5. Hide your wound: Keeping your wound covered can help expedite the healing process by preventing bacteria from entering the wound. In most cases a sterile bandage or gauze, to cover a wound, is treatment enough.
  6. Change dressing often: It is recommended to change dressing or bandage, at minimum, once a day. If the dressing or bandage becomes dirty or wet they must be replaced immediately. If the patient is allergic to adhesives, consider a adhesive-free dressing or a combination of sterile gauze with paper tape or even a rolled gauze will do the trick.
  7. Get stitches: If the wound is deep, through the skin, gaping, jagged, where fat or muscle are exposed a physician MUST be consulted immediately as professional help is required. A skin glue or butterfly tape may hold the wound together but does not replace a physician’s opinion or care. If the wound is properly addressed within a few hours, can minimize risk of infection and scarring of the effected area.
  8. Be on the lookout: A wound must be under supervision. If any redness, increase in pain, swelling, drainage or warmth to the effected area occur consult a physician as the area may be infected.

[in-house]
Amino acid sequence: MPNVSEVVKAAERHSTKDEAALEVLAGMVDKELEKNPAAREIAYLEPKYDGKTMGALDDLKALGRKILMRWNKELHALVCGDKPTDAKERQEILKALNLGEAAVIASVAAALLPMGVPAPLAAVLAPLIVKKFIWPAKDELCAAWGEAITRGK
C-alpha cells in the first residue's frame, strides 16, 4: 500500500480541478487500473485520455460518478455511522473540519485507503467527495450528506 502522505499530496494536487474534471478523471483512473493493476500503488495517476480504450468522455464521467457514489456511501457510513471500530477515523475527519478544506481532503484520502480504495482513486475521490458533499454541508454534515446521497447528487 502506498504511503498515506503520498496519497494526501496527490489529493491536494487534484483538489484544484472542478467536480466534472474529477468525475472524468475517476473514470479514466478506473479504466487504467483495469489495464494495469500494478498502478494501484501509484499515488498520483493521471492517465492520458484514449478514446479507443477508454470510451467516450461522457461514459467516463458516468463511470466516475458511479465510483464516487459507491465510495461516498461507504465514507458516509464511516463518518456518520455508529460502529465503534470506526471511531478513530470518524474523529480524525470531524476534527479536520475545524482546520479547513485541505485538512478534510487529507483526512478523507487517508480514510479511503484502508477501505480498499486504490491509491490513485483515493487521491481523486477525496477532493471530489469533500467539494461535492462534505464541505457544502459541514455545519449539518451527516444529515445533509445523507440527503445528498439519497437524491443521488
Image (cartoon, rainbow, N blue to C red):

9. Get a SHOT: If a tetanus or rabies shot, depending on the cause of injury, has not been administered within the last five years it is recommended to get a booster shot as soon as possible.

Note: Keep the wound clean and dry for a minimum of five days and getting plenty of rest, as this can help promote the healing process. Consider Acetaminophen rather than Aspirin as aspirin can prolong bleeding of the wound. Do not scrape scabs as they are part of the healing process and ice packs may be used if swelling or bruising occurs.

Consider a Professional Opinion:

Not every wound can be treated at home as some require treatment by a physician or other medical professionals. If the below conditions are present a doctor visit may be necessary:

  • If the wound is deeper than ½”
  • Bleeding cannot be managed even with direct pressure to the wound
  • If the wound continues to bleed after 15 minutes
  • If the wound was caused by a serious accident